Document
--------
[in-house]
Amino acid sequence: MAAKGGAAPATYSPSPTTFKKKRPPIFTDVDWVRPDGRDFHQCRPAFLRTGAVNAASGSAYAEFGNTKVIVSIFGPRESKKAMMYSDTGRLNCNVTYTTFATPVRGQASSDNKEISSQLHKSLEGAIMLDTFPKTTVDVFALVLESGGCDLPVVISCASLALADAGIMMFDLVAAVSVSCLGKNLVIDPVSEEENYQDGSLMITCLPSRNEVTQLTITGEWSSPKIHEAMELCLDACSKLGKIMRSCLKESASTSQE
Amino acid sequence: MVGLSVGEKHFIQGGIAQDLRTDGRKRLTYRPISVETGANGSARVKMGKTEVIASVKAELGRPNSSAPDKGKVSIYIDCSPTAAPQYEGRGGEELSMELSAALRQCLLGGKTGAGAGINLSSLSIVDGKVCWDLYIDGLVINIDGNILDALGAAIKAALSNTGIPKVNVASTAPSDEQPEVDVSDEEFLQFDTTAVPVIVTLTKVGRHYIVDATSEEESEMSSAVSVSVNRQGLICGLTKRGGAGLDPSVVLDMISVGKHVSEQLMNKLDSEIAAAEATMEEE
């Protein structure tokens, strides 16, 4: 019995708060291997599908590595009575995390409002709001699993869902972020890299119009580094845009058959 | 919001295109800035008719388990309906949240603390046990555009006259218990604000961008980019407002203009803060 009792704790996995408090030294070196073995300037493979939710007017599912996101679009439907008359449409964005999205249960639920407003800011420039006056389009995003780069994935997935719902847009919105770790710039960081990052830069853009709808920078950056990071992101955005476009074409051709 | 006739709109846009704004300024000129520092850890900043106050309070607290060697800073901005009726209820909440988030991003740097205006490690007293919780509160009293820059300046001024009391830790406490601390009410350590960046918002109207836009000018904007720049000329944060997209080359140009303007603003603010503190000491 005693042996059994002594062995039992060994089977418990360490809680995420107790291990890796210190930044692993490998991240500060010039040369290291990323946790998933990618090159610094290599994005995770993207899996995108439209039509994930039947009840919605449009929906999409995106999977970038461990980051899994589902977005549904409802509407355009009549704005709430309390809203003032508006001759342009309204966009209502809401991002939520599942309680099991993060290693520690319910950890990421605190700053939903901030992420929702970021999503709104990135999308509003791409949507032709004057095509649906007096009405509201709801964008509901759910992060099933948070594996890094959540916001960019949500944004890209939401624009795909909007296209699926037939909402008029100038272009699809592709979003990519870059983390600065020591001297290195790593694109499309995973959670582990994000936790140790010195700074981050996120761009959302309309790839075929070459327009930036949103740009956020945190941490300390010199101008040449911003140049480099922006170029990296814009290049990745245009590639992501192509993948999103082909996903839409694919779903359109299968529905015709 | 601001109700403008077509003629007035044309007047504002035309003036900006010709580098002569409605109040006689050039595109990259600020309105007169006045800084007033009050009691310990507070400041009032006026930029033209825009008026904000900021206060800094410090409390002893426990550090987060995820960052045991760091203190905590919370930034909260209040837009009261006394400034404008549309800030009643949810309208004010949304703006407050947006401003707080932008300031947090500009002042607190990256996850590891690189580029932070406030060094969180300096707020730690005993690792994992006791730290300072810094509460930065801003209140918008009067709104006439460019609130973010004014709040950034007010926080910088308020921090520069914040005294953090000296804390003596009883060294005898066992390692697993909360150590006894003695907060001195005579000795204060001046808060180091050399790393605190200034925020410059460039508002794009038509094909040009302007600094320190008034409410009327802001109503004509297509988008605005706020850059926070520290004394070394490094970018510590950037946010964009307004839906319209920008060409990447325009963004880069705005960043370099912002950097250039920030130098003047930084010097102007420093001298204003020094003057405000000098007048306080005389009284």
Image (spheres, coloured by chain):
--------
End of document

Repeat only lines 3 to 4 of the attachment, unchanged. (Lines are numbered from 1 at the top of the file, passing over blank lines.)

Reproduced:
Amino acid sequence: MVGLSVGEKHFIQGGIAQDLRTDGRKRLTYRPISVETGANGSARVKMGKTEVIASVKAELGRPNSSAPDKGKVSIYIDCSPTAAPQYEGRGGEELSMELSAALRQCLLGGKTGAGAGINLSSLSIVDGKVCWDLYIDGLVINIDGNILDALGAAIKAALSNTGIPKVNVASTAPSDEQPEVDVSDEEFLQFDTTAVPVIVTLTKVGRHYIVDATSEEESEMSSAVSVSVNRQGLICGLTKRGGAGLDPSVVLDMISVGKHVSEQLMNKLDSEIAAAEATMEEE
């Protein structure tokens, strides 16, 4: 019995708060291997599908590595009575995390409002709001699993869902972020890299119009580094845009058959 | 919001295109800035008719388990309906949240603390046990555009006259218990604000961008980019407002203009803060 009792704790996995408090030294070196073995300037493979939710007017599912996101679009439907008359449409964005999205249960639920407003800011420039006056389009995003780069994935997935719902847009919105770790710039960081990052830069853009709808920078950056990071992101955005476009074409051709 | 006739709109846009704004300024000129520092850890900043106050309070607290060697800073901005009726209820909440988030991003740097205006490690007293919780509160009293820059300046001024009391830790406490601390009410350590960046918002109207836009000018904007720049000329944060997209080359140009303007603003603010503190000491 005693042996059994002594062995039992060994089977418990360490809680995420107790291990890796210190930044692993490998991240500060010039040369290291990323946790998933990618090159610094290599994005995770993207899996995108439209039509994930039947009840919605449009929906999409995106999977970038461990980051899994589902977005549904409802509407355009009549704005709430309390809203003032508006001759342009309204966009209502809401991002939520599942309680099991993060290693520690319910950890990421605190700053939903901030992420929702970021999503709104990135999308509003791409949507032709004057095509649906007096009405509201709801964008509901759910992060099933948070594996890094959540916001960019949500944004890209939401624009795909909007296209699926037939909402008029100038272009699809592709979003990519870059983390600065020591001297290195790593694109499309995973959670582990994000936790140790010195700074981050996120761009959302309309790839075929070459327009930036949103740009956020945190941490300390010199101008040449911003140049480099922006170029990296814009290049990745245009590639992501192509993948999103082909996903839409694919779903359109299968529905015709 | 601001109700403008077509003629007035044309007047504002035309003036900006010709580098002569409605109040006689050039595109990259600020309105007169006045800084007033009050009691310990507070400041009032006026930029033209825009008026904000900021206060800094410090409390002893426990550090987060995820960052045991760091203190905590919370930034909260209040837009009261006394400034404008549309800030009643949810309208004010949304703006407050947006401003707080932008300031947090500009002042607190990256996850590891690189580029932070406030060094969180300096707020730690005993690792994992006791730290300072810094509460930065801003209140918008009067709104006439460019609130973010004014709040950034007010926080910088308020921090520069914040005294953090000296804390003596009883060294005898066992390692697993909360150590006894003695907060001195005579000795204060001046808060180091050399790393605190200034925020410059460039508002794009038509094909040009302007600094320190008034409410009327802001109503004509297509988008605005706020850059926070520290004394070394490094970018510590950037946010964009307004839906319209920008060409990447325009963004880069705005960043370099912002950097250039920030130098003047930084010097102007420093001298204003020094003057405000000098007048306080005389009284």